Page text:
Collective Punishment and Newspeak

Activists and some UN Security Council members argue that Israel's restrictions on fuel deliveries to Gaza constitutes collective punishment in violation of the Fourth Geneva Convention. The argument is nonsense.

On May 17, 1942, SS Obergruppenfuhrer Reinhard Heydrich was killed in the suburbs of Prague, Czechoslovakia  by a bomb thrown by Free Czech agents trained in England.  The killing of Heydrich, the commander ("Deputy Reich Protector of Bohemia and Moravia") of invading forces, was clearly legal under international law. 

In response, the Gestapo and the SS killed over 1000 people suspected of being involved in the plot.  In addition, 3000 Jews were deported from the ghetto at Terezin (Theresienstadt, created by Heydrich) for immediate extermination.  In Berlin 152 Jews were ordered executed on the day of Heydrich's death.  Finally, on June 10, 1942 Lidice was ordered destroyed.  All 172 Czech men and boys over 16 were shot.  80 women were deported to Ravensbruch concentration camp, where almost all died.  90 young children who looked Aryan were distributed to German families, while others were shipped to Gneisenau concentration camp for extermination.  The village itself was then razed and its name removed from German maps.

The massacre at Lidice, along with other Nazi atrocities such as the killing of the entire population (642) of Oradour-sur-Glane, France two years to the day after Lidice (to punish the village for Resistance activities) and the horrific massacres of Serbian civilians by SS Prinz Eugen  division troops for supporting the resistance movements, continued a sad German tradition [in the First World War, Germans had executed Belgian villagers in mass retribution for resistance activity].

These atrocities were fresh in the minds of international diplomats after the end of the War.  Article 33 of the Fourth (1949) Geneva Conventions enshrined collective punishment as a war crime, emphasizing individual responsibility:

Article 33. No protected person may be punished for an offence he or she has not personally committed. Collective penalties and likewise all measures of intimidation or of terrorism are prohibited. Pillage is prohibited. Reprisals against protected persons and their property are prohibited.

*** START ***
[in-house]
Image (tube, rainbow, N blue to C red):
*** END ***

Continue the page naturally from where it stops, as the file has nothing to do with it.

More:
Article 52 of the Convention's Additional Protocol I (adopted in 1977) similarly states that "Civilian objects shall not be the object of attack or of reprisals." 

The doctrine of collective punishment has died hard, despite the Fourth Convention's clear insistence on individual responsibility. Arab states expelled the majority of their Jewish populations in reprisal for Israel's successful self-defense in the War of Independence.  Britain arguably used collective punishment against villages where Communist rebels had been concealed in Malaya in 1951, and again to suppress the Mau Mau uprising in Kenya in 1952.  Hafez El-Assad of Syria notoriously destroyed half of the conservative Sunni city of Hama (massacring 20,000 men, women and children) as collective punishment for a Muslim Brotherhood uprising against his Alawi regime in 1982. 

The Israeli Government's reduction of fuel and electricity exports to the Gaza Strip has recently been termed a modern instance of collective punishment that violates Israel's obligations under the laws of war. In a lawsuit filed by Israeli and Palestinian civil rights groups before Israel's Supreme Court, these organizations asked the Supreme Court to make Israel end fuel restrictions that caused power blackouts in the Gaza Strip. The activists argued, as did representatives of many members of the Security Council in their special meeting on the Middle East on January 22, 2008, that the restrictions constitute collective punishment of Gaza's 1.5 million people and violate the Fourth Geneva Convention.

But this claim is nonsense, and makes a mockery of international law. This is so for the following reasons:

It conflates failure to aid with active criminal harm.  Acts of war are launched daily against Israel from Hamas-run Gaza.  Bombs are lobbed against Israeli cities (especially Sderot), resulting in official government rejoicing when an Israeli civilian is killed or maimed.  Hamas denies Israel's right to exist, and has masterminded countless acts of war against military and civilian targets in Israel. 

The Jewish state has the uncontested right to defend itself against such acts of war.  The bar on collective punishment forbids the imposition of criminal or military penalties (imprisonment, death, etc) on some people for crimes committed by other individuals.  But ceasing trade with a country is not  inflicting a criminal or military penalty against that country's citizens, not least because those citizens have no entitlement to objects of trade that they have not yet purchased.  If Canada tolerated and celebrated car-bombings of Buffalo from Fort Erie, Ontario, the United States could cease exporting cars to Canada - such cessation of trade was never contemplated as collective punishment, because it is not a military or a criminal sanction. The United States quite legally froze trade with Iran after that country committed an act of War against the USA following the 1979 Revolution.